NET FAMILY PROPERTY
When couples are getting married or are separating, one question almost always comes up: what rights do we have in each other’s property?
The common belief is that legally married couples own half of each other’s property. In Ontario, this isn’t strictly speaking the case. Under the Family Law Act, the legislation that governs marital property rights in Ontario, those rights are governed under the concepts of net family property and equalization.
In its simplest form, net family property is calculated by taking each spouse’s assets on the date of marriage and subtracting their liabilities as of that date. Then each spouse’s assets minus liabilities must be calculated as of the valuation date. This is usually the date on which the spouses have separated—that is, started living separate and apart from each other with no reasonable prospect of reconciliation.
Equalization is calculated by subtracting the lower amount from the higher amount and dividing the remainder by two. This figure results in the equalization of net family property payable by one spouse to the other. This amount can be paid in cash, transfer of property, or a combination of both.
However, not all property spouses own is treated the same way, nor does it all have to be included in net family property.
Some property is excluded from calculation of net family property and the value thereof not required to be divided on separation. Examples of excluded property include gift or inheritances received during the marriage (but not before), damages or settlements for personal injury, and life insurance proceeds.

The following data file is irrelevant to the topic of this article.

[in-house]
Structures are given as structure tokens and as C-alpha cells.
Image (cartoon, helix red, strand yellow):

The matrimonial home is also treated uniquely, regardless of whether title to the home is the name of one or both spouses. Its value is never deducted or excluded from the calculation of net family property, even if one of the spouses owned it at the date of marriage, or it was inherited during the marriage.
Equalization of net family property also isn’t affected by wrongdoing in the marriage unrelated to family property. Adultery or abuse are not grounds to increase or reduce an equalization payment. But a court can order unequal division if one spouse failed to disclose debts existing at the time of the marriage or ran up debts during the marriage recklessly or in bad faith, particularly to avoid an equalization payment.
Finally, couples can agree through a domestic contract to divide their assets and liabilities unequally, set aside certain property for one spouse, or otherwise settle their property as they see fit.
These are only the basics of net family property and every couple’s financial situation and property holdings are unique. The lawyers at Alemi Law Group are experienced in handling matters related to matrimonial property to help couples reach fair and satisfactory arrangements.
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